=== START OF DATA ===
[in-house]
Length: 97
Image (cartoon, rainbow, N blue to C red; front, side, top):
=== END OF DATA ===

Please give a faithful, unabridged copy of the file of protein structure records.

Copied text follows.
[in-house]
Length: 97
Image (cartoon, rainbow, N blue to C red; front, side, top):